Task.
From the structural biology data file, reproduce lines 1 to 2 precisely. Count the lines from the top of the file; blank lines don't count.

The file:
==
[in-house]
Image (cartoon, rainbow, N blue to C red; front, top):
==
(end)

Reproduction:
[in-house]
Image (cartoon, rainbow, N blue to C red; front, top):